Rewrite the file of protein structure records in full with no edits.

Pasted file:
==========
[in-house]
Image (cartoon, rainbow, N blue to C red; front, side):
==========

[in-house]
Image (cartoon, rainbow, N blue to C red; front, side):